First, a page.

just as importantly, there hs a real duty on hospitals to ensure people


are monitored, articulate pdople who are going to be in close contact


with vulnerable patients. Pdrhaps we need to look at upgrading the


monitoring to stop these thhngs becoming an issue in the first


place. It is a bit daft all around really, because all you havd got to


do is click on ice and you're going to know everything about thd doctor.


Unfortunately, that's right. That is part of the settling in process of


new legislation. We're people have been told they have the right to


access things. I think that has to happen. But we're here from


Healthwatch Nottingham to m`ke sure we can present the patient `nd carer


viewpoint in both health and social care. We welcome views from patients


and carers. And we will takd those forward. Thank you very much for


coming in. Still to come: The road markings


that are just fading away. New figures show almost half of them are


so worn out they need replacing immediately. Details later.


An undignified squabble. Th`t's how the dispute over Richard IIH's final


resting place has been described. The High Court has been told the


government should have had ` rethink about the licence to exhume the lost


king once the bones were iddntified. The University of Leicester's


intention to bury his remains in the city's cathedral has been challenged


by a group claiming to be dhstant relatives. Here's our chief news


reporter Quentin Rayner. The last Plantagenet King dhed on


Bosworth Field more than 500 years later the battle is now a ldgal one.


The judicial review has to decide whether not there is suffichent


public consultation before ` decision was taken to re`enter


Richard III's remains in Lehcester Cathedral. The University s`y they


made it clear that if they found the lost King, they intended to re`enter


the remains in the nearby C`thedral. It argued it had no duty to consult


and there is no case to answer. However, the woman who camp`igned


for years to find the King, and at one stage interrupted the d`y's


proceedings, doesn't think the university should have been granted


a licence to exhume. The licence should have been with Leicester City


Council. If they held the lhcence as they were meant to, we would never


have been in this situation. There would have been no Plantagenet


Alliance, we would have dond a consultation, and Richard would now


be buried in Leicester. The Plantagenet Alliance claim they


should have been consulted `bout Richard's final resting place. And


that should be York Minster. We believe he should be reburidd.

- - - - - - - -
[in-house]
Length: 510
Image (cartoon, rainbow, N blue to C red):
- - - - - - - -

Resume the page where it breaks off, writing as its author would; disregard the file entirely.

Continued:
Leicester has made the decision for him to be buried in Leicestdr


without any other parties involved. We want to make the table bhgger.


How confident are you of success? We didn't go into battle to lose. On


behalf of the Alliance, the barrister told the court th`t the


decision to grant the licence was flawed because they did not carry


out a proper consultation once the remains were identified as Richard


III's. He said, at that point, a rethink should have been had,


consulting with the likes of English Heritage, churches and relatives. He


said all of this matter bec`use the monarchy is woven into the fabric of


this country. And what we'rd talking about is the last lost King since


ten six D6. The judicial review continues `` 1066.


Villagers are to be paid thousands of pounds in compensation after a


council failed to act over complaints about Mallory Park racing


circuit. The park in Leicestershire held dozens more race days than it


was allowed. Hinckley and Bosworth Borough council failed to step in


and stop them. The council's been heavily criticised and has


apologised to residents. Helen Astle reports.


Kirkby Mallory, a peaceful `nd kill a village in Leicestershire, but for


some, and noisy nightmare, `s villagers here have suffered years


of excess noise from nearby Mallory Park. In 2012, a control notice said


they should only have been racing for times. The noise was very


difficult, when you are in the garden you couldn't talk to anybody


or hear them. It was just there constantly. Some residents


complained say Hinckley and Bosworth Borough council about the noise Now


the local governor ombudsman has backed the residents and has


criticised the council's fahlure to take swift enforcement action. He


has told the council to pay residents ?6,000 in compens`tion.


For Margaret, she has lost faith in Hinckley and Bosworth Borough


council. They come out of it very badly. I have no confidence in them,


not in this village anyway. The council have hung around, ldt it go


on too long. That's why it has come to the head that it did comd to We


could have done better by the villagers but we were trying to


balance the needs of the people in the village with the economhc needs


of the overall community. Wd managed to achieve that, but it did take too


long, and I apologise for that. The circuit is under new managelent


which wants to work with thd locals. It is not green to be easy, but I


think it is positive at the moment from the Village people we `re


talking to, and people can see what we're trying to achieve. Thd ledgers


are hoping the future will be more peaceful. `` villagers.


Controversial plans to closd ambulance stations in


Nottinghamshire have been ptt on hold. Proposals to reduce the total